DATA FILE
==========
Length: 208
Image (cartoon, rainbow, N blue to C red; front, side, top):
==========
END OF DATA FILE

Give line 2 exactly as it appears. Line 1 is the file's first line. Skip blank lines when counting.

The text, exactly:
Image (cartoon, rainbow, N blue to C red; front, side, top):